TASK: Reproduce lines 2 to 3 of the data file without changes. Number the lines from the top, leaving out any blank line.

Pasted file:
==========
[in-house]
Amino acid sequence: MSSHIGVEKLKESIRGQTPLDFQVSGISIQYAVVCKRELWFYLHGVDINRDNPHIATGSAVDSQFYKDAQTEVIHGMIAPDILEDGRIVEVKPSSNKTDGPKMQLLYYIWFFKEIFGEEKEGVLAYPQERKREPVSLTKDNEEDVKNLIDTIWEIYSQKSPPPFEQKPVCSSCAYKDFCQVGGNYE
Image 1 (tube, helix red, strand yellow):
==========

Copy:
Amino acid sequence: MSSHIGVEKLKESIRGQTPLDFQVSGISIQYAVVCKRELWFYLHGVDINRDNPHIATGSAVDSQFYKDAQTEVIHGMIAPDILEDGRIVEVKPSSNKTDGPKMQLLYYIWFFKEIFGEEKEGVLAYPQERKREPVSLTKDNEEDVKNLIDTIWEIYSQKSPPPFEQKPVCSSCAYKDFCQVGGNYE
Image 1 (tube, helix red, strand yellow):